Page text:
The takeaway isn’t about whether electricity is a good or a service, but this issue can be reasonably debated. It is also important that the science of the matter does not determine the law, and Oliver W. Holmes explains why in his adage, “The life of the law has not been logic; it has been experience.” Law is an odd, swirling mix of logic, language, and science on one hand with anthropology, sociology, ethics, and emotion on the other.
My core interest is how the law can meet the emerging technological issues of the 21st century. It is clear that, as in the debate I described, the science of digital technologies alone is not enough to dictate the law that governs it.
If culture evolves and science expands, the law cannot remain stagnant.
For a different view on the relationship between science and the law, I recommend this presentation:
Art can be at odds with law at times. The law is the essence of order and structure, in the tradition of Apollo. Art, especially in the last 50 or 75 years, has something rebellious, chaotic, and even destructive or reconstructive about it—it smacks more of the orgiastic tradition of Dionysus. Yet the law sees a need to protect art. In the US it does so through both constitutional free speech provisions as well as through copyright protection.
What makes art powerful? Art takes the small pieces of our lives that we don’t notice or don’t want to think about and magnifies them for us. It helps us (or compels us) to see what we don’t [want to] notice. Art is necessarily always a little closer to the edge, because its function is to explore those fringes and bring back to us the parts of ourselves and our realities that we omit. It is easy to be afraid or critical of art in society because if it is done properly, it brings us face-to-face with some truth—and that can be an uncomfortable experience. From the protest songs of the 1960s to the Gothic Architecture of the high Middle Ages, art has felt a need to express the feeling of a generation distinct from its predecessors; art is forever dabbling in change, shift, exploration, progression (even if through regression), or rebellion or some sort.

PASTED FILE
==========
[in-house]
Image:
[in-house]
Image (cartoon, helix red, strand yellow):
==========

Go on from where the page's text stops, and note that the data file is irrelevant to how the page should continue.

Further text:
How can something rebellious and chaotic be protected by order and law? Why should it be? Perhaps it is because the law sometimes understand its own need for growth and transformation—a need to endure through flexibility rather than to break as a thing brittle and rigid. Perhaps art both crafts and chronicles the human condition and our human experience. Inasmuch as “the life of law… has been experience,” it is entirely fitting that art and law be friends.